With Brian Urlacher on the shelf with a bad hamstring, the 'Move McClellin to the middle' camp is starting to get vocal again. Repeat after me: Shea McClellin is not an NFL middle linebacker.
Shea McClellin is not a middle linebacker. Shea McClellin is not a middle linebacker. Shea McClellin is not a middle linebacker. Shea. McClellin. Is. Not. A. Middle. Linebacker...
I suppose it's wishful thinking to assume you've all been brain washed into believing that Shea McClellin is not a middle linebacker? No. There are still some that believe that the Chicago Bears rookie defensive end has the size, speed, and football intelligence to go from a DE/OLB at Boise State, to a full time DE in the NFL as a rookie, then in year two as a pro to make the switch to middle linebacker? Really...
With Brian Urlacher resting his hammy for the next 3-4 weeks, and his football mortality actually in question, the 'move McClellin to the middle' chatter is starting up again. And it really annoys me. I remember when the Score-Heads called WSCR with the brainstorm of switching 282 pound Bears defensive tackle Chris Zorich to middle linebacker.
I guess his occasional zone drops or his spying of the QB has some of you believing he can easily make the move to the Mike. There's a big difference in occasionally dropping back to cover a hook zone and in quarterbacking the entire defense. Just because McClellin has the lateral quickness to move back and spy a scrambling quarterback, don't assume he can laterally work his way through the 'wash' and fight over, around, and through players to make a play on a runner.
I get it. Brian Urlacher (6'4" 258) is nearing the end, and the similarly built Shea McClellin (6'3" 260) could easily slide into that role. They may "look" alike, and they may have both ran comparable 40 yard dashes, 4.59 for 'Lach and 4.62 for Shea, but Shea McClellin is not a middle linebacker.
I talked with SBNation's Boise State site, One Bronco Nation Under God, about Shea McClellin shortly after the Bears drafted him, and I asked the question that most Bears fans wanted to know; A lot has been made in Chicago about McClellin not being a true hand in the dirt defensive end. How often did he drop down from his linebacker position and rush the passer from a 3 or 4 point stance?
And what did they guys that watched every one of McClellin's games have to say about him;
His position with the Broncos was defensive end. He played probably 70 percent of his snaps in that position. Boise State would occasionally move to a 3-3-5 or 3-4 defensive look in which case McClellin would stand up, but otherwise, he was a standard DE with the skills of an LB.
So many professional scouts started projecting him as a 3-4 outside linebacker, an edge rushing OLB, so a lot of fans began to see him that way as well. One Bronco Nation Under God continues about McClellin;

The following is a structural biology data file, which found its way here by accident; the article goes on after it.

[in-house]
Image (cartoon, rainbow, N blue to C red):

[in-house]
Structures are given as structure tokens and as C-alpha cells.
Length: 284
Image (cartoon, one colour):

I think a lot of Boise State fans had tempered expectations of him in the pros because they never pictured him as anything other than an end. But realizing how he would fit as a 3-4 outside linebacker or an edge rusher at the next level made a lot of sense. He just doesn't fit the traditional defensive end mold.
I agree, his unique skill set didn't scream out 'traditional DE', but in today's NFL his size isn't an issue. It's a passing league, and teams want to rush the passer. Whether as a 4-3 defensive end or a 3-4 rush-backer, it was clear to scouts that his future in the pros would be as an edge rusher. Not a middle linebacker.
But, but, but, the Bears had success switching Brian from a free safety to a MLB, so why can't they turn McClellin into a middle backer!?!?
Brian Urlacher was on an entirely different level athletically coming out of New Mexico than McClellin was coming out of college. Urlacher played safety, he was already used to playing in space, coming up to tackle, moving laterally, covering receivers, playing zone, and seeing a play develop from the middle of the field.
At Boise State McClellin was a pass rusher that was able to let his defensive coordinator move him around a bit to take advantage of his athleticism.
But Urlacher not only excelled as a roving style free safety, he returned some kicks and punts, and he played a little wide receiver too. It wasn't like linebacker was brand new to him, he played the position his first two years in college before moving to safety.
The heir apparent to Brian Urlacher may be his current back up Nick Roach, or he could be sitting in a college class room right now, but he certainly isn't playing defensive end for the 2012 Chicago Bears. Say it with me now, Shea McClellin is not a middle linebacker.